Natural law has been a source of controversy for at least two previous Supreme Court nominees in recent decades—for dramatically different reasons. In 1991, Harvard law professor Laurence Tribe wrote a New York Times op-ed opposing the nomination of Justice Clarence Thomas because he would be the "first Supreme Court nominee in 50 years to maintain that natural law should be readily consulted in constitutional interpretation." Reagan nominee Robert Bork, on the other hand, was criticized for not believing in natural law by then-Sen. Joe Biden (D-Del.), no less. Biden told Bork at his confirmation hearing, "As a child of God, I believe my rights are not derived from the Constitution…They were given to me and each of my fellow citizens by our creator."
Bork, who was ultimately rejected by the Senate, had scoffed at the idea that judges could know God's law and implement it. Later, in a 1992 essay, he warned that if natural law proponents "persuade judges that natural law is their domain, the theorists will find that they have merely given judges rein to lay down their own moral and political predilections as the law of the Constitution. Once that happens, the moral reasoning of the rest of us is made irrelevant."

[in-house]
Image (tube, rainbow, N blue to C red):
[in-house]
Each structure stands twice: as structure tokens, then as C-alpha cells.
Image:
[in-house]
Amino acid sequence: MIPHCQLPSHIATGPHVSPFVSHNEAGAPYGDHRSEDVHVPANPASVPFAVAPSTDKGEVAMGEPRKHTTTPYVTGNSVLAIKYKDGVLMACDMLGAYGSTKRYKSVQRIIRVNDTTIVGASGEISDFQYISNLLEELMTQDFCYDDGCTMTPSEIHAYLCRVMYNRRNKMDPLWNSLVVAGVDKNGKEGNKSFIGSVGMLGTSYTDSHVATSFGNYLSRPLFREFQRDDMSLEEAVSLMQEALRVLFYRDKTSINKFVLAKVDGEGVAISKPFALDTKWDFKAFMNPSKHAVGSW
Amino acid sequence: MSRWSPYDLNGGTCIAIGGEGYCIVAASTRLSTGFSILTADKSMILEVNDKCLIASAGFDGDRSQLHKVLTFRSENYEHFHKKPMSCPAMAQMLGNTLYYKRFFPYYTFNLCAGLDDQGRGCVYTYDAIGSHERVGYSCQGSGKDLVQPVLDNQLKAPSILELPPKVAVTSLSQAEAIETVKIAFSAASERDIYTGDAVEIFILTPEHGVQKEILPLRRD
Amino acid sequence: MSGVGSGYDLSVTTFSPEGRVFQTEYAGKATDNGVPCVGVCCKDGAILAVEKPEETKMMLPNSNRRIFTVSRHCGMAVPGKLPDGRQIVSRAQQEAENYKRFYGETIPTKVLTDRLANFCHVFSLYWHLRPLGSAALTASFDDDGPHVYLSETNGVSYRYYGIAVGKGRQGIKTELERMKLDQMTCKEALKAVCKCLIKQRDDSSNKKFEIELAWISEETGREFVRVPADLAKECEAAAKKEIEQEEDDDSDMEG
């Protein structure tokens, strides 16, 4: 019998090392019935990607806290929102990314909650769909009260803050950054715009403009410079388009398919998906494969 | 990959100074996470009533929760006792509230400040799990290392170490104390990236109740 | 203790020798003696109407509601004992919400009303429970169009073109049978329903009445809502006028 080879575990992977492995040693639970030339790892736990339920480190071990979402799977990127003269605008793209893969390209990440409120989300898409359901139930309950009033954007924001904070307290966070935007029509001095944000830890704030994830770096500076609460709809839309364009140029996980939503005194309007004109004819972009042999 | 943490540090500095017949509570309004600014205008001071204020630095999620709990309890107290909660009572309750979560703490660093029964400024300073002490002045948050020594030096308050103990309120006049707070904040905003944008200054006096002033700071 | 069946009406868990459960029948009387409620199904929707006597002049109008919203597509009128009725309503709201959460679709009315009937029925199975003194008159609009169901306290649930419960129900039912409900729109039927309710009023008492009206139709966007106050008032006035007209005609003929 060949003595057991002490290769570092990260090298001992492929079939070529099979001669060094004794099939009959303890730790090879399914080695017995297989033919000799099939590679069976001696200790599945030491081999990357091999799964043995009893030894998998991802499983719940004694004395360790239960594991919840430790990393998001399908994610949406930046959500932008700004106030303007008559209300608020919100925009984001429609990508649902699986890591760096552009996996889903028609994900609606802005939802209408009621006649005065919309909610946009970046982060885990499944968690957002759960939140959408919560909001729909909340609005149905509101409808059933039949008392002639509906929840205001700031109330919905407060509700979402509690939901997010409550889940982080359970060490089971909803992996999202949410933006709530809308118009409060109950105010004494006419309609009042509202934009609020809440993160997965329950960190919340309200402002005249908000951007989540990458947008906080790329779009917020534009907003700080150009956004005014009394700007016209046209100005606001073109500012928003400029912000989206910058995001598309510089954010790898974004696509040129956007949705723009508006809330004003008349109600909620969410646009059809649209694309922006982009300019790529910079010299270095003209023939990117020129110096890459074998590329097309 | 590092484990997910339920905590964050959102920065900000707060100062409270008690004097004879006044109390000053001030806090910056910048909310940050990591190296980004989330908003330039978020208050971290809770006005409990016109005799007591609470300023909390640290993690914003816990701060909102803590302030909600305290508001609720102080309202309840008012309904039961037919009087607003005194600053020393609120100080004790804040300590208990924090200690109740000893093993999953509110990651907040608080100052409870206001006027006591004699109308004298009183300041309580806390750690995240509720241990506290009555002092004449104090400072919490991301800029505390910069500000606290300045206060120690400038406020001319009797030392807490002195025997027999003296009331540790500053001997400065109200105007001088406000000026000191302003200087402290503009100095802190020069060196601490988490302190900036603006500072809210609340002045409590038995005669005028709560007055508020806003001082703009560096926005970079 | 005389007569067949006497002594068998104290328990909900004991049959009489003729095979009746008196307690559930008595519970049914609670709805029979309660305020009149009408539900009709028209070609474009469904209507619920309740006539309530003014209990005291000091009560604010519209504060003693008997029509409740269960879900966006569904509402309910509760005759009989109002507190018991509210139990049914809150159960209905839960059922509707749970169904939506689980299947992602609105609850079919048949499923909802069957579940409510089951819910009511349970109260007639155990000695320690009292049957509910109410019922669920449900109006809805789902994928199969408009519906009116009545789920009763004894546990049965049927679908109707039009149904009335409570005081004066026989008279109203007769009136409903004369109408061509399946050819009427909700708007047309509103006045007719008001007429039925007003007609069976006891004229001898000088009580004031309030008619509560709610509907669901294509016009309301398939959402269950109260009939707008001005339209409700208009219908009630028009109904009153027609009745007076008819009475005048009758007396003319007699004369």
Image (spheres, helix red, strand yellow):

Natural law theory dates back to Thomas Aquinas and the Greeks before him. It isn't necessarily liberal or conservative. Lawyers from the natural-law legal camp helped formulate the Universal Declaration of Human Rights in 1948, a seminal document in which 48 countries committed to pursuing progressive measures that would protect human rights and fundamental freedoms.
In the United States, natural law has taken on a variety of interpretations. One proponent was David Lane, a white supremacist implicated in the murder of Alan Berg, a Jewish radio talk show host in Gorsuch's hometown of Denver. Lane's followers gunned down Berg in his driveway in 1984. Lane, who died in 2007, claimed that natural law justified any act, however heinous, that preserved the perpetuation of a race—in his case, the white race.